Whistleblowers provide details of how banks were using cooperative banks to launder money
The Reserve Bank of India’s (RBI’s) repeated assertion that it has found no evidence of money laundering in its inspection of three private banks, even before its inspection report is complete, has caused outrage. However, what is not clear is whether this refers only to the three banks that were targeted by the Cobrapost sting or covers all the 30-odd banks and their tentacles into the poorly regulated cooperative banking sector all over India. One bank has claims that a forensic investigation has given it a clean chit. But numerous whistleblowers, hopeful that RBI is serious about unearthing dubious business practices, have been forwarding details to central bank inspectors.
At least two such messages have also been forwarded to Moneylife and we believe that RBI has launched an investigation into the linkages with cooperative banks only on the basis of such confidential information. The second discovery is the massive mis-selling of third-party financial products, including insurance, derivatives and portfolio management without formal approval from SEBI. This includes dumping expensive insurance policies on home loan seekers by making it mandatory. Here is some feedback obtained by Moneylife through whistleblowers and bankers.
Some cooperative banks are freely permitting significant cash deposits and withdrawals, which are probably not being reported to the financial intelligence unit (FIU) in the finance ministry, as required under money laundering rules. Or, if they are reported in a perfunctory manner, there is no evidence that the FIU either notices or acts on the information.
In one case, a whistleblower has shown us documentary proof of a dummy account (the account-holder is a drunkard who apparently lent his name for a small price and even signed blank cheques to permit withdrawal of cash) opened with a cash deposit of Rs5,000. Within days, the bank permitted large cheques of Rs15 lakh+, totalling up to Rs80 lakh, being deposited and withdrawn in cash within three days. This instantly converts the cash deposit into a legitimate sum and can be invested in another bank.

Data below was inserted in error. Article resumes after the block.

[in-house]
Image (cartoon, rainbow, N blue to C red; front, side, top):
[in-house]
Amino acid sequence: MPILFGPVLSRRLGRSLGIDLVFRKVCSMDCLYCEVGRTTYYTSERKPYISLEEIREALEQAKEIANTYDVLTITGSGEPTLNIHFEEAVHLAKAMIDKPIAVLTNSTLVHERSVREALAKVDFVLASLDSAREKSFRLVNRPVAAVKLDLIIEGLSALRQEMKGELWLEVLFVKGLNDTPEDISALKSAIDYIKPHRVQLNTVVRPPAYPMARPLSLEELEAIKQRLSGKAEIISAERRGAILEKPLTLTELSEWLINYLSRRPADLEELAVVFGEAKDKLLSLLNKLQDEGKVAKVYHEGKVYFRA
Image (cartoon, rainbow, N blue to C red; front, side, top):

If the bank was able to successfully explain this hectic activity in a new account, it clearly means that the rules and processes put in place to detect money laundering simply don’t work and there is no way of knowing if banks monitor new accounts for six months.
Another whistleblower from Gujarat confirms the issue of demand drafts based on cash deposits in a laundering move initiated by a large private bank. The same bank apparently gave loans to builders against the security of gold deposits, knowing fully well that the gold bars were purchased with cash payments by benami fronts of the builder or DDs from small cooperative banks.
This is a double benefit for the private banks which sell gold at higher than market price and then accept it back as collateral. Our source seems confident that the income tax department does not know about the gold offered as collateral by builders and is an easy way to launder money.
Cooperative banks are notorious for opening accounts without careful verification of PAN or photographs. This is because it is fully understood that such accounts will be closed within a couple of months, once the money is transferred to larger banks. While it is a fairly common practice to evade regulatory scrutiny by accepting deposits of just under Rs50,000, many really tiny banks are brazenly unconcerned about hiding their trail. Cooperative banks also permit the purchase of insurance and other derivative products offered by large banks for which the payments are transferred through cooperative bank accounts opened with cash deposits.
Our whistleblower says, “You need to check the number of big-ticket insurance policies sold by banks, where the payment does not come from customer accounts at the bank, but in the form of DDs from tiny cooperative banks.” This routing operation is only for laundering the cash. Our source says that an easy way to connect the dots is to check whether the customer has a relationship manager (RM) at the private bank and whether the RM’s name is listed with the insurance company. Some of these policies are again pledged with the banks against property loans. Acceptance of third-party cheques by large banks also needs to be investigated, says our source.
The question is: Will RBI’s investigation bring out all these facts? And will it take corrective action or let the banks get away with a slap on the wrist? Sources say that RBI has, in fact, unearthed such a neat nexus between cooperative banks and large banks in most states, which are known for a high level of cash transactions—Delhi, Gujarat, Rajasthan, Andhra Pradesh and Maharashtra. With all this dirt being sifted, it is also ironic that RBI continues to talk about granting a banking licence to seven or eight new banks. We think, RBI needs to pause and work at making the banking system more accountable and safe for ordinary depositors, before unleashing fresh competition in the market.
The Opposition is demanding Prime Minister Manmohan Singh's resignation after Additional Solicitor General Harin P Raval wrote a letter to Attorney General GE Vahanvati accusing him of interfering with the CBI's case in the coal scam